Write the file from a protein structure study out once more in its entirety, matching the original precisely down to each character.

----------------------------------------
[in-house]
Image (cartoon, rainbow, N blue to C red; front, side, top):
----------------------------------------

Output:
[in-house]
Image (cartoon, rainbow, N blue to C red; front, side, top):